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Jan

Winter Storm Threat: Jan 31 – Feb 2 UPDATE

I made some changes in the Wednesday forecast to account for warmer surface temperatures… not too much of a shift, but it could change the plans for a significant amount of Maryland workers.

 
We’re still looking at 0.1-0.2″ of freezing rain along the northern parts of the rain area before it switches over around the morning rush hour in areas. Hopefully there will be enough normal rain to keep the big freezing rain from causing too much fuss in the major metro and commuter areas.

Winter Storm Threat: Jan 31 – Feb 2

The strength of the cold air damming will be a big player in determining where the different areas set up. Based on recent guidance and trends, I’ve come up with the following maps depicting the first event (with light precip. totals over most of the region) and for the second event (which will have QPF in the 0.4-0.8″ range for the most part in MD/North VA and 1″+ QPF possible in PA):

 
Please note the word MOSTLY in the mixed precipitation and rain categories. This indicates that these areas will fluctuate a bit during the events. Some mixed precipitation is also possible in the snow areas (in the 1-2″ contour and maybe even in the southern parts of the 2-4″ contour).

Clipper system a bit better than expected

Areas in northern VA, MD, DC and Delmarva could see 1-2″ of light snow today as a clipper system moves over the region. I was thinking 0.5-1″ earlier, but with the radar filling in and areas of moderate snow forming, higher amounts are expected, with some areas possibly even going over 2″. The band setting up between Frederick and Hagerstown, MD is particularly concerning:

 

EDIT: Looks like 0.5-1″ was the way to go… the radar didn’t fill in nearly as nicely as it was looking originally. Add small flakes that easily melt and you got 0-1″.

Heavy snow, sleet and thunderstorms innundate the region

As heavy snow (+SN) is falling outside my window, I can only imagine how crazy it is for anyone to be out at this time. I-95 city rush hours from DC to NYC are getting rocked by this storm, as seen on the map below (from 4:45pm EST):


(click for full res.)

It’s starting to look really bad in some areas… here’s I-81 at exit 313:

 
This is just the beginning as the system strengthens and heads up I-95. This will probably be the highest impact storm (in regards to total population affected) for this season.

Here’s a still of the composite radar for the area:

I got my one flash of lightning and clap of thunder, which is all I needed to go to bed happy tonight. Thunderstorms, thundersnow and thundersleet will continue to press north and east up the coast this evening.

Snow Threat: Jan 26-27 (final call)

My idea of a higher snowfall band has come to fruition on the models, though not at quite the angle (or with the somewhat lower snow amounts) that I expected. After some considerable brain-wracking, this is what I’ve come up with:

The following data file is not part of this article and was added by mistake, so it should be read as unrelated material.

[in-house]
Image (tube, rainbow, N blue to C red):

The map calls for a somewhat more northerly solution than what is currently shown on the models, with some heavy influence from the GFS/ECMWF solutions. This season’s trend of fully developing the coastal low and SN/+SN zone slower than expected has led me to think that the greatest snowfall totals in the coastal area will be further north and east than the 12z NAM shows. This area will also likely have better snowfall ratios than areas to the south, which will help towards breaking into the 8-12″ totals.

Along the mountains, there is the potential for some good upslope along the eastern Apps in northern VA. The position may end up being off, but I’m fairly sure some part of the eastern slopes will get into the higher totals of 8-12″ as the onshore mid-level flow of moisture starts to push into the area and is aided by higher snowfall ratios.

EDIT to add that thundersnow is possible along the I-95 corridor!

Snow Threat: Jan 26-27 (first call)

Before I begin, I’d like to state that this forecast has fairly low confidence as we sit in the 3-4 day window with the coming coastal storm. There is still a lot of room for changes to the storm track and snow totals, so this forecast is to be taken with a grain of salt.

With a whole mess of rain and wintry weather from a wet inland solution via the 12z ECMWF, a rain/snow mix and precipitation cut-off closer to the coast on the 12z NAM, and a mostly out to sea but snowy coastal areas 12z GFS solution, which one are we supposed to pick? Using the last 1.5 months as a guideline of which way to lean, I have gone with what is basically the GFS solution with a more inland track and a more amplified cut-off of the eastern (above freezing) side of the storm that more closely resembles the NAM solution.

Rain and mixed precipitation is a huge concern for the coastal and southern parts of the region, which is the main reason why my confidence in this forecast is low. There is a very narrow area of opportunity for higher amounts of snowfall, and while I have more confidence that there will be a narrow strip of higher totals, where that ends up being remains a mystery.

 
EDIT to add that yes I do think this is a rather bullish/ambitious forecast, but it is still a first call and there’s plenty of room for change.

Snow Threat: Jan 20-21 (final call)

Final map… probably 90% the same, with some tweaks to the snowfall gradient in West Virginia, extent of 4-8″ in the west, small adjustment north in northern Virginia and small adjustment south along the coast.

Added a HHMM timestamp (GMT/UTC time) on the issuance time because it seemed warranted. Hopefully this is the final version for awhile, but I might consider adding one more contour for the mixing/under an inch area.

 

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